In 1874, the French government bought the Palazzo Farnese from the Italian government. Benito Mussolini informed France in 1936 that they could not own the historic palazzo, only rent it. The French government has since had a 99-year lease, which ends in 2035. It pays a token rent of only one euro per month. Unfortunately, since the palazzo houses the French Embassy, the hours for guided tours are quite limited. For tours in English, the hours are 4:00 pm to 5:00 pm on Mondays and the cost of the tour is several times more than the monthly rent.
"The most imposing Italian palace of the 16th century", according to Sir Banister Fletcher,  this palace was designed by Antonio da Sangallo the Younger, one of Bramante's assistants in the design of St. Peter's and an important Renaissance architect in his own right. Construction began in 1515 after one or two years of preparation,  and was commissioned by Alessandro Farnese, who had been appointed as a cardinal in 1493 at age 25  and was living a princely lifestyle. Work was interrupted by the Sack of Rome in 1527.
When, in January 1534, Cardinal Alessandro became Pope Paul III, the size of the palace was increased significantly and he employed Michelangelo who completed the redesigned third story with its deep cornice and revised the courtyard as well. The post-1534 developments were not only a reflection of Alessandro's change in status but employed architecture to express the power of the Farnese family, much as at their Villa Farnese at Caprarola. The massive palace block and its facade dominate the Piazza Farnese.
Architectural features of the main facade  include the alternating triangular and segmental pediments that cap the windows of the piano nobile, the central rusticated portal and Michelangelo's projecting cornice which throws a deep shadow on the top of the facade. Michelangelo revised the central window in 1541, adding an architrave to give a central focus to the facade, above which is the largest papal stemma, or coat-of-arms with papal tiara, Rome had ever seen. When Paul appeared on the balcony, the entire facade became a setting for his person.  The courtyard, initially open arcades, is ringed by an academic exercise in ascending orders (Doric, Corinthian, and Ionic). The piano nobile entablature was given a frieze with garlands, added by Michelangelo.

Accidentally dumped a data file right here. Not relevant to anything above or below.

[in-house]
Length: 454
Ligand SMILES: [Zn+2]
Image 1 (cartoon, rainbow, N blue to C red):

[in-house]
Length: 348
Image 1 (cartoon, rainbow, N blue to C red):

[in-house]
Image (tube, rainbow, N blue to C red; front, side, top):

On the garden side of the palace, which faced the River Tiber, Michelangelo proposed the innovatory design of a bridge which, if completed, would have linked the palace with the gardens of the Vigna Farnese, Alessandro's holding on the opposite bank, that later became incorporated into the adjacent villa belonging to the Chigi family, which the Farnese purchased in 1584 and renamed the Villa Farnesina.  While the practicalities of achieving this bridge remain dubious, the idea was a bold and expansive one.
During the 16th century, two large granite basins from the Baths of Caracalla were adapted as fountains in the Piazza Farnese, the "urban" face of the palace.
The palazzo was further modified for the papal nephew Ranuccio Farnese by Jacopo Barozzi da Vignola. It was completed for the second Cardinal Alessandro Farnese by Giacomo della Porta's porticoed facade towards the Tiber which was finished in 1589.